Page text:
Emotional Face Processing in Post-Traumatic Stress Disorder after Reconsolidation Impairment Using Propranolol: A Pilot fMRI Study
Shin, Lisa M.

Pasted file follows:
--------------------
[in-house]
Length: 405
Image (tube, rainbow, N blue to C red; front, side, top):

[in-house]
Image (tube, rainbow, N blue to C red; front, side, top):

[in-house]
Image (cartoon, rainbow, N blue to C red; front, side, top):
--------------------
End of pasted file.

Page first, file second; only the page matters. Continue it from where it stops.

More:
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Individuals with post-traumatic stress disorder (PTSD) exhibit exaggerated emotional reactions to threatening stimuli, which may represent deregulated fear-conditioning, associated with long-term adaptations in the sympathetic nervous system. Within a repeated measures design, functional magnetic resonance imaging (fMRI) was employed to investigate neural responses to threat in PTSD participants (N=7), during the presentation of emotional facial expressions. Scans were separated by 6 weekly reconsolidation impairment treatment sessions, consisting of traumatic memory reactivation under the influence of propranolol. Greater activation before versus after treatment emerged in the thalamus and amygdala during fearful versus neutral face processing. Furthermore, participants showed greater activation after versus before treatment in the right anterior cingulate, during fearful relative to happy face processing. PTSD symptoms significantly improved (d = 1.75), post-treatment. These preliminary results suggest that aberrant emotional responding is modulated by noradrenergic plasticity within the amygdala-prefrontal cortex circuit, a neural substrate for the pharmacological treatment of PTSD.